Perhaps it was when I was leaving Hartford at eighteen and returning to Manhattan on my own that he gave me the ring. He had no one to whom he could pass it along and he wanted me to have it. It would protect me. It had spiritual power. I slipped it on and barring the one time I had to remove it for surgery many, many years later, it never left my ring finger. After surgery it was relegated to the pinkie finger, where it remained. And it must have had a kind of protective energy because sometimes I shudder at the situations I found myself in as a rather much wilder young woman. There were low points to navigate. The ring flashed from my grip on the steering wheel of a little orange Beetle named Clementine as I made may way across the country accompanied by the car’s owner, Betty Jo, who was also on her personal journey of discovery. She would jettison her heterosexuality and I would shed the mantle of an oppressive first marriage, the principle characters woefully miscast. The unanticipated rush of freedom after that marriage ended catapulted me into trying everything—and I mean everything.

Last August The Mister and I drove out to Montauk for a few days, throwing caution to the wind and braving the summer crowds. Until then, we only went to the little fishing village at the tip of Long Island in the off-season—early spring, fall, and dead of winter—when the atmosphere was low-key, even desolate in the shivery weather. But we had been hampered financially from taking trips out there for some time and when we could go again we did. Bugger the crowds.

Within a few hours we were on the beach and I noticed my ring was gone. How had it slipped off my finger without my knowledge? We pawed through bags, turning them out and found nothing. The motel room was scrupulously searched. Drawers pulled out, and then the bags were searched again. Helpfully, The Mister suggested I might have left it at home. I felt a strange sensation, as if I had not actually lost the ring but that it had been spirited from me. My dear old friend Neil came to mind. He and I had met many years ago at a party on the upper east side of Manhattan around 1979, I think. He had been visiting from Santa Fe, New Mexico. A pony-tailed, sun scorched hippy, he was well versed in Native American culture. He spotted my ring, knew exactly its origins and we struck up a conversation that developed into a voluminous letter-writing friendship, before the advent of e-mail curtailed story telling written in longhand or pounded from a typewriter for a Luddite like my friend. He’d told me some time ago in a telephone conversation—the occasion of which became more rare—that he had a skin cancer. He didn’t hold out a lot of hope and he was getting his affairs in order. He didn’t want to live in a world of Bush & Co., anyway, so there it was. I reasoned for The Mister that as we were in an area layered with Native American history that perhaps it was a sign. He still held out for the ring-left-at-home supposition.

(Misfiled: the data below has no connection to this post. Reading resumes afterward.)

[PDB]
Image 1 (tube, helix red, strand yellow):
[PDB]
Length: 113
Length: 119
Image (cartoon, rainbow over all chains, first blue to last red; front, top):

Back home the ring was nowhere to be found. Downloaded photographs revealed me mugging for the camera in the Sayville Modern diner (that dates back to the 1930s) where we regularly stopped for breakfast en route to Montauk. There it was, a band of silver and marbled turquoise on my crooked left pinkie—my hand lifting a forkful of pancake to be devoured. I vowed to call Neil. The last letters I had written to him had gone unanswered. Phone messages were not returned. I called and discovered he no longer had an answering machine. I sent him a postcard imploring him to tell me how he was, what was going on in his life. The answer we got via a kind hearted close friend of Neil’s was not unexpected. I knew then that like my old friend in Santa Fe, my ring was gone.

Losing friends to death happens. Sometimes a friend is lost from misunderstanding, and angry recrimination follows. Years will go by and something will make me remember the good things about the friendship. I’ll inspect a crowded bookcase because I know in some book or another I have secreted a poem written by that friend for me, something that gave me great pleasure. And when I find it, the phone rings and there is my lost friend, found on the other end of the line. These things happen to me. That friend returns for a while until the wheel of friendship sticks in a rut again, throwing one of us from the cart. Some friendships may be meant to be lost, ploughed into the earth below my feet, where the lessons learned from them can fertilize healthier friendships.


zbelnu said...

TRoy Donahue, here in Spain I used to watch it and dream with him... Sandy?
I just lost a beautiful old thai silver necklace, but I have some little hopes...
and a hormonal melancholia today

Druidhead said...

Troy Donahue: The Mister never heard of him. Must be an age thing. And you will find your necklace. After all, my ring came back to me in Leicester, of all places!! And I am wearing it now.